22-23 Jun 2020 Futuroscope de Poitiers (France)


Two parallel tutorial tracks will be held, one introducing basic concepts of using GNU Radio, digital signal processing using synthetic signals, and analyzing a radiofrequency signal using GNU Radio. The second more advanced track will involve writing custom (OOT) processing blocks for GNU Radio 3.8, using GNU Radio on embedded Systems on Chips (SoC) and using messages.

Please select when registering to the conference which tutorials you would be most interested to attend so we can plan on room size and how many times each tutorial must be repeated.

Introductory tutorials

1. GNU Radio basics

GNU Radio introductory presentation, from data formats to basic processing blocks and accessing the sound card as hardware peripheral. While GNU Radio and its graphical user interface GNU Radio Companion makes the generation of the underlying Python code painless, the underlying digital signal processing principles remain for the developer to be properly addressed, such as designing filters with reasonable characteristics to require reasonable processing power (reasonable will be defined in this tutorial), or keeping the datarate constant along the processing chain despite interpolation or decimation, making sure that the sink datarate is consistent with the source datarate.

2. radiofrequency signal analysis using GNU Radio

Having become familiar with the basics of GNU Radio, we analyze a consumer hardware control signal emitted in the European Industrial, Scientific and Medical (ISM) 434 MHz band by observing signals collected by a low-cost Digital Video Broadcast-Terrestrial (DVB-T) receiver. The signal characteristics are analyzed from the radiofrequency layer to the digital data format.

3. digital signal processing using synthetic signals with GNU Radio

GNU Radio does not remove any of the complexity of discrete time digital signal processing, it just makes much more fun to investigate. Using synthetic signals, we tackle more advanced signal processing topics such as the Hilbert transform, why signals are complex or how to make them so when collecting real signals, and how to compute instantaneous phases.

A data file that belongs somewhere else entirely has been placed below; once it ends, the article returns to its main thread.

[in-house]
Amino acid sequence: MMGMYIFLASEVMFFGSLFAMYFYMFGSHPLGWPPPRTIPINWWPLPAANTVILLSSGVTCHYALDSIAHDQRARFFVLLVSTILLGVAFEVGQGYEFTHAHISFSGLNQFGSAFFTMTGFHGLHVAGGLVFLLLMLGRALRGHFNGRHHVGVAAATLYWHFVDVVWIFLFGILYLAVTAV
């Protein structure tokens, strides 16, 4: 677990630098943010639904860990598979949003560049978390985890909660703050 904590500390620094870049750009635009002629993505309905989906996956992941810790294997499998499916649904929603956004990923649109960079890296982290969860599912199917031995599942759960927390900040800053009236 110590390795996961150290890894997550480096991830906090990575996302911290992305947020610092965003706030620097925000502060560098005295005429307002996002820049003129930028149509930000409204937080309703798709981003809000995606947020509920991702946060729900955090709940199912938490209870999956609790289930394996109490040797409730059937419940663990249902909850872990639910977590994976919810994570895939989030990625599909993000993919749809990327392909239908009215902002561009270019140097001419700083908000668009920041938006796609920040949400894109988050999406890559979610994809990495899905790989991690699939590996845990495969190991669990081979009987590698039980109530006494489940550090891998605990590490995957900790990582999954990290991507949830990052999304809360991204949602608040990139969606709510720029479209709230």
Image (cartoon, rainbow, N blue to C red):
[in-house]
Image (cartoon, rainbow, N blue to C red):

Advanced tutorials

1. analyzing the S2-LP radiofrequency link

The ST Microelectronics S2-LP communication layers are analyzed using GNU Radio, from the radiofrequency modulation schemes to the digital communication layer.

2. writing a custom processing block for GNU Radio 3.8

While creating custom (Out of Tree -- OOT) blocks is widely documented, GNU Radio 3.8 and its new gr_modtool brings some novely worth investigating.

3. GNU Radio on embedded systems using buildroot

Embedded systems are often used as peripherals to personnal computers for collecting radiofrequency datastreams and have them processed by the host computer running GNU Radio. Because of the limited bandwidth between the collecting and processing hardware, some preliminary processing is often performed on the embedded board, most often by the FPGA collecting the datastreams. Wouldn't it be nice to complement these preliminary processing steps with custom processing blocks ? But since FPGAs now often come fitted with a hardware processing systems (Xilinx's Zynq, Altera/Intel System on Chip), why not avoid the communication bottleneck alltogether and run GNU Radio on the embedded processor ? These re the benefits provided by porting GNU Radio to the Buildroot cross-compilation environment, and the OscImpDigital framework.

4. tags and messages

Digital signals can be tagged, e.g. by correlating with a preable, to indicate which part of the setence is being analyzed. Using tags and messages will be demonstrated on ADS-B signals broadcast by planes at 1090 MHz.

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